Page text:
Doty's collection, dominated by meditations on impermanency, decay, and death, features memorably moving lines on the AIDS Memorial Quilt.
What is it?
It’s a collection of poems by American poet Mark Doty, first published in 1993.
OK, you said in another review that you don’t often review poetry collections because they’re not specifically queer in character, even if the poet is queer. Is this one?
Yes and no. Yes, because the poet (who is gay) wrote this collection in the context of the AIDS crisis, which informs the entire collection. On the other hand, as is so often the case, the poetry is so lyrical and rich in metaphor that it doesn’t really come across as overwhelmingly gay/queer/LGBT.
So will it appeal specifically to an LGBT audience?
This is a fabulous collection, which I would recommend to anyone who loves poetry. But if you’re looking for poetry specifically “about” the gay experience, with the exception of a handful of the 21 poems, this isn’t really it.
And yet you’re reviewing it anyway …
There’s no escaping the background of this poetry. It’s all about loss, decay, death, with occasional specific references to AIDS (without naming it). It also speaks of life outside the mainstream, a territory that queer folk know well; drag queens, itinerant poets, and homeless folk people these pages. This is perhaps the most aesthetic of gay poetry, but it’s still gay. There’s a devastating section on the AIDS quilt, in which Doty writes about the poignancy of a shirt sewn into the fabric: “the fading, the pulls in the fabric / demonstrate how these relics formed around / one essential, missing body.”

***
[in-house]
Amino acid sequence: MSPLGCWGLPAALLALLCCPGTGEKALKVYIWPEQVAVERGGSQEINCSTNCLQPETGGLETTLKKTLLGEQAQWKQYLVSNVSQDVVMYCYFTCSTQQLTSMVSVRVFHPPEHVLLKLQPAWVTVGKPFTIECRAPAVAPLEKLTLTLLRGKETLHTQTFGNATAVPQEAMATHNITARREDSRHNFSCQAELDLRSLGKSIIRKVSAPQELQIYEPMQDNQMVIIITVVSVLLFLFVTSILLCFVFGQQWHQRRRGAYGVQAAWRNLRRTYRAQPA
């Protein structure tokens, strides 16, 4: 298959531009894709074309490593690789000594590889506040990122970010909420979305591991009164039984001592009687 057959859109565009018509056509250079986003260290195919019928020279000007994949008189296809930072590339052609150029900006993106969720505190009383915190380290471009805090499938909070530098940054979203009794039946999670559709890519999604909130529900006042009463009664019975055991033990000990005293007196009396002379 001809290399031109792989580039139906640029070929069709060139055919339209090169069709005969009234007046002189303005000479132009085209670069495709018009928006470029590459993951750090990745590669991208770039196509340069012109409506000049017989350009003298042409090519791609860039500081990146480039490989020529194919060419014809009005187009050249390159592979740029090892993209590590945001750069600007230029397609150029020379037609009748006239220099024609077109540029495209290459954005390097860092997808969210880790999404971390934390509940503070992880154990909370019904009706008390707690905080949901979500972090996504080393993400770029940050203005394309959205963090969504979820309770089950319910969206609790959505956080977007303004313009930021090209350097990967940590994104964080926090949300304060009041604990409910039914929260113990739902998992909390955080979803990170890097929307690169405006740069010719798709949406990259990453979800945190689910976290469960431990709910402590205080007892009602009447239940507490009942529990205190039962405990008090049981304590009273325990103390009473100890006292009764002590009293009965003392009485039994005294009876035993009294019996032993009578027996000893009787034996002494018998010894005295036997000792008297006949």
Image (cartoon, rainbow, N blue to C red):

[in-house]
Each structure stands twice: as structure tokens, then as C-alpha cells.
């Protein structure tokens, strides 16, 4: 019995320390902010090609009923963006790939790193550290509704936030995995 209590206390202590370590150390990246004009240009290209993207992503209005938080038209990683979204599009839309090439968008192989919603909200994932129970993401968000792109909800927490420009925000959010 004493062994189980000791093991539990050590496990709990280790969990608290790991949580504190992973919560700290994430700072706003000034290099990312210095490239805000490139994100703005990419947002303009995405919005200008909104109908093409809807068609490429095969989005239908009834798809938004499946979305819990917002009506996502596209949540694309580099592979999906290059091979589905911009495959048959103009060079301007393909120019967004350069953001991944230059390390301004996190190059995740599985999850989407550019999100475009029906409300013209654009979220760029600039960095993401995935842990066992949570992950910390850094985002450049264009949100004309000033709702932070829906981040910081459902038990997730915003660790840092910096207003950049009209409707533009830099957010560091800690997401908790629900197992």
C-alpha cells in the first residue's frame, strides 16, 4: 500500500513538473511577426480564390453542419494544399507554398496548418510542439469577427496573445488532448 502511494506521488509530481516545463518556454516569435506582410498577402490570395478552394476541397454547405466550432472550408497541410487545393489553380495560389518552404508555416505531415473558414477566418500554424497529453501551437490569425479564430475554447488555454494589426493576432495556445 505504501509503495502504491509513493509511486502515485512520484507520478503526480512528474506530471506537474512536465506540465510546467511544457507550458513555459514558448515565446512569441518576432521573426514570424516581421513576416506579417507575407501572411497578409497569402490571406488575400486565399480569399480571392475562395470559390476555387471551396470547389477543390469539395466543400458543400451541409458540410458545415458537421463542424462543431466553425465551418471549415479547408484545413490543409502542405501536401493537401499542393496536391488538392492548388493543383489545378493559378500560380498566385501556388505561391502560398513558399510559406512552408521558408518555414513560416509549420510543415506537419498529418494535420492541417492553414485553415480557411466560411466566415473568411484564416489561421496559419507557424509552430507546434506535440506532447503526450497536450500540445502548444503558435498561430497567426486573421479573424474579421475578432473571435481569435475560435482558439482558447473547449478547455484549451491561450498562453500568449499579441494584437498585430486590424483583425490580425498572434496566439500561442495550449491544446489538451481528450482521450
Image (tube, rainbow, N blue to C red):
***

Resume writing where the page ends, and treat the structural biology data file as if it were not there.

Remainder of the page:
So are you handing out stars for this one (using the Michelin system)?
One. If I were doing a review for a general audience, I’d give it two (this is sublime poetry), but looking at it through a specifically gay lens, this isn’t poetry that really speaks much of the gay experience, or mostly only in an oblique and universal way. So while I can’t recommend this poetry collection highly enough, I don’t think it’s “required reading” for those who are seeking LGBT literature that will in some way shed light on their lives.
That’s all a bit rarefied. Why don’t you just give it two?
Yeah, I'm overthinking this. Seen from a certain light (which is my light but won't be everyone's), this collection is all about the gay experience, but it's up to individual readers to see what resonates with them. IMHO, the topic of death has a particular resonance for gay people, quite apart from the AIDS tragedy. So do issues of marginality, imperfection, and just bloody weirdness. These things all spoke to me as a gay man. So you're right, I'm giving it two. It deserves two. Two stars. Two.